A good guy understands the opinion of family, friends and those he respects are paramount to public opinion.

A nice guy would write things on his blogs to try and get people to come back

I don’t give a shit and stick to my principles.

Be Careful What You Wish For (The Failing of Batkid)

Posted in Ethics/Morals, Print, Society with tags on November 19, 2013 by Lupa


The world was captivated by a 5 year old California boy this week.

Here’s what we know about him.

His name is Miles Scott, he’s 5 years old and cute as button.  He’s had acute lymphoblastic leukemia since he was 20 months old, which thankfully is now in remission.

Every year tens of thousands of kids (which we’ll define as minors) are diagnosed with a form of cancer.  Cancer we can all agree is vicious but when tragedy befalls the young it is particularly stinging.  It’s hard to imagine a bigger injustice than to have to deal with such an ordeal so young in life.  Nonetheless, it persists, in spite of our “best efforts.”  Generally speaking disease is far from being eradicated in the lifetime of anyone living.

The Make-A-Wish foundation is a non-profit organization with a 30 plus year history of selfless dedication to young people who have had the bad fortune to be dealing with major illness.  Typically children are thought to be terminally ill, however Make-A-Wish has a method, which I do not doubt the integrity of, that dictates the selection of which wishes they will grant; a child may not be terminal, simply have a debilitating chronic disease, but for all intents and purposes are in critical struggle. The distinction is subtle, but existent.

When I was young, the people I can remember in similar positions were AIDS patients like Ryan White and Joey Dipaolo.   There was a concerted effort in the 80’s and 90’s to bring awareness and education of disease to the youth, a direct result of the unexperienced nature of deadly sexually transmitted disease.  Prior to that, STD’s were not destructive.  I think this influenced many people of my generation to think of disease in a distinctly different way than previous generations.

For example when AIDS came out, there was rampant misinformation regarding transmission.  What was drilled into us was you could NOT get AIDS (HIV) from touching, and there was no reason to not hug someone dealing with the disease.  Further, it was not limited to gays.  A generation before me such a scourge that was primarily focused within the gay community would have been handled differently, even though what the gay population experienced in the early days of AIDS in the 80’s was not ideal.

Fast forward to Friday and Miles saw his wish come true.  His wish was to be Batman for a day.  Can’t knock that.  Cancer has not eroded his taste.  Batkid he became.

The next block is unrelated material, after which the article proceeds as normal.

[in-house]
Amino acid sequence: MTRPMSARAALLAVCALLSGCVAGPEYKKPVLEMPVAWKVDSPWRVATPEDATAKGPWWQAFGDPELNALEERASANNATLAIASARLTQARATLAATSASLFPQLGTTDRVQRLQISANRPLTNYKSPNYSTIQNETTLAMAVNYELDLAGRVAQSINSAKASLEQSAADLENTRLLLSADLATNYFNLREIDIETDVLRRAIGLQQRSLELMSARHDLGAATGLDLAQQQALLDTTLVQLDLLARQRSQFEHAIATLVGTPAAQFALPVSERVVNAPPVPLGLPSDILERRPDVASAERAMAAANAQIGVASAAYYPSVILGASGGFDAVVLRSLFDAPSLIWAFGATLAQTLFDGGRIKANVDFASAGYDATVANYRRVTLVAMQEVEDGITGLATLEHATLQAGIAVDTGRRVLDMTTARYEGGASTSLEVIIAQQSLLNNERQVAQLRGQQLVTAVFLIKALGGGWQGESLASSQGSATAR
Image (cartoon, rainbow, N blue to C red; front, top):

This is where things get fucked up however.

In the supposedly exceptional America, the Make A Wish Foundation and the masses exploited Miles.

The typical Make-A-Wish wish is an intimate event for the patient.  This event was not such.  Adults decided to interpret his perfectly reasonable request, and manipulated it until it distorted.  They decided that his appreciation and the positive value/impact would be correlated to the amount of people, time, resources and social media dedicated to his wish.  How self-serving and obstinate they were.

The scope of this “wish” was perverted so much, it required a major assist from government, which the Make A Wish foundation will not be fitting the bill for.  Tax payers will.  Look at all the uniformed personnel (understand the public pays them) that there were and there were more you didn’t see.  This was an all-day thing requiring major reinforcements.  A 22 year veteran city worker for San Francisco told me he estimated it would be around a 400K bill to the taxpayer.

(UPDATE 11/20/13: The actual tab to taxpayers will be $105,000)

It’s my opinion, if an organization imposes its will on the populace in such a way that extracts such expense to the state, then it is incumbent upon them to see this expense benefits as much of the populace as possible.  In this case that would be other ill children.  Not just one.  There are thousands of severely ill children in the Bay Area.  Untold amounts more who would never qualify for a wish, but nonetheless need one more than Miles.

What does not benefit a society is perpetuating a lottery mentality, one in which dreams come true, but these dreams are dictated by the powers that be.  It just does not benefit us in the long run.  They should be fortified with the knowledge that self-determination and equality are the keys.

One kid lived a dream.  We all can connect viscerally with that notion.  For a brief moment in time, his life was perfect.

Should an advanced society promote such ideas though?

Is this not dangerous individualism at the expense of clearly pragmatic collectivism?

One thing is clear: the media loved it.  Clicks galore.  People made money.

How is it the general populace does not view this in an uneasy manner?  We elevated one child, in full view of the nation’s children, to demigod status.  If we really think about it, the effort that went into this was massive.  Millions of dollars, months of time, thousands of people.  At what point do we step back and say, “we’re just all living through this kid.”  Without realizing it, many people are using this kid to make themselves feel good by telling all their friends how “heartwarming” and restorative of humanity this makes them.

Sanctimony in the highest order.